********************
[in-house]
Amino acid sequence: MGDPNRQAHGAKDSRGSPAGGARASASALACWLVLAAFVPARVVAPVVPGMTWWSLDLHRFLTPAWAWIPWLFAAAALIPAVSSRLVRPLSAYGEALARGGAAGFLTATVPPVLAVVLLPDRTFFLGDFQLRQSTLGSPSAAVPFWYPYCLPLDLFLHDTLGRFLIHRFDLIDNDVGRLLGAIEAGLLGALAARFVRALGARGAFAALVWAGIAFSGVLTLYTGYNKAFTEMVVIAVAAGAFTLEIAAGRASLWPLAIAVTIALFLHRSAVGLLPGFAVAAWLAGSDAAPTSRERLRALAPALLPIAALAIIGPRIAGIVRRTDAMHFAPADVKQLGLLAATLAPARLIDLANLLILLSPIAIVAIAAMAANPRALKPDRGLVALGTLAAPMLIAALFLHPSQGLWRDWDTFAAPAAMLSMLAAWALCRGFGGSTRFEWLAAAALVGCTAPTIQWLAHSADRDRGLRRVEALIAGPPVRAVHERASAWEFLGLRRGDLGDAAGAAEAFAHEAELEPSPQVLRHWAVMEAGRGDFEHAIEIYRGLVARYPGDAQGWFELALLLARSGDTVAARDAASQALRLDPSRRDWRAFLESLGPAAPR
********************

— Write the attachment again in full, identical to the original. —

[in-house]
Amino acid sequence: MGDPNRQAHGAKDSRGSPAGGARASASALACWLVLAAFVPARVVAPVVPGMTWWSLDLHRFLTPAWAWIPWLFAAAALIPAVSSRLVRPLSAYGEALARGGAAGFLTATVPPVLAVVLLPDRTFFLGDFQLRQSTLGSPSAAVPFWYPYCLPLDLFLHDTLGRFLIHRFDLIDNDVGRLLGAIEAGLLGALAARFVRALGARGAFAALVWAGIAFSGVLTLYTGYNKAFTEMVVIAVAAGAFTLEIAAGRASLWPLAIAVTIALFLHRSAVGLLPGFAVAAWLAGSDAAPTSRERLRALAPALLPIAALAIIGPRIAGIVRRTDAMHFAPADVKQLGLLAATLAPARLIDLANLLILLSPIAIVAIAAMAANPRALKPDRGLVALGTLAAPMLIAALFLHPSQGLWRDWDTFAAPAAMLSMLAAWALCRGFGGSTRFEWLAAAALVGCTAPTIQWLAHSADRDRGLRRVEALIAGPPVRAVHERASAWEFLGLRRGDLGDAAGAAEAFAHEAELEPSPQVLRHWAVMEAGRGDFEHAIEIYRGLVARYPGDAQGWFELALLLARSGDTVAARDAASQALRLDPSRRDWRAFLESLGPAAPR